3. Assign a little less time than you think the exercise will take. Why? Students will be more likely to feel like the clock is ticking--like they need to get started asap.

4. Then extend a few minutes if it appears they’re actively working. How will you know if they are? Roam the room and listen.

5. Ask another teacher/counselor (if one is available) to help be your eyes and ears. But be cool about this--don’t give students dirty looks if they’re talking about other things--just notice it. And, if that’s the case, just take this as feedback. I don’t recommend, in other words, correcting these students by saying “You should be talking about your essays.” Instead, see if other students are on task and ask yourself: Did I make the task clear? If you did, keep roaming and listening.

6. If you notice many students are talking about things other than their essays, this may be your queue to either a) re-clarify the task, or b.) move on. Because, honestly, it could be just that it’s the end of the day and they’re tired.

7. Don’t leave the room during paired work. Obviously this may not always be possible, but see if you can set things up in a way so that you don’t have to leave--so you can remain present, both physically and mentally, for the duration of the workshop. Oh, and, as much as possible...

8. Avoid checking your cellphone during the workshop. When you check your phone it reminds students that they have phones they can check too. To this end, try using something other than your cellphone as a timer.

But perhaps most of all...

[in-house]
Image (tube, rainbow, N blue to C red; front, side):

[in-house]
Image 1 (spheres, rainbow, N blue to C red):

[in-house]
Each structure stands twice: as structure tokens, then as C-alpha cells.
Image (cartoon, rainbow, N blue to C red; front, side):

9. Stay open to what’s happening in the room and tangents that show productive potential.
While I love to be prepared for a workshop and have a clear sense of where things are headed, sometimes the workshop takes on a life of its own.

Example: I may have it in my mind during a 2-hr workshop to lead the Feelings and Needs Exercise and then move onto the Montage Exercise. But let’s say during break a student wants to share with me her essay idea and I’m inspired by her story and ask if I can coach her live in front of the group, offering a chance to model reflective listening for other students and how to help someone outline an essay. It could be that we don’t get to the Montage Exercise, or we do it another day, or I assign it for homework.

Or let’s say I’m leading a four-day workshop and after lunch on day three students seem tired. I might do a mini Myers-Briggs workshop and give everyone a personality test, then show them how this can help them as they write their personal statements.

Finding balance between structure and chaos: the art of coaching the personal statement
Up until now I’ve been giving you a strict and ordered progression--with minute-by-minute breakdowns even! But don’t let these get in the way of a creative/inspiring/unexpected moment that could “derail” the workshop and allow it to take the workshop in a different, perhaps much more interesting direction. The personal statement process is a dynamic thing and what’s in this guide are only suggestions.   

Let the flow of the workshop and your intuition guide you.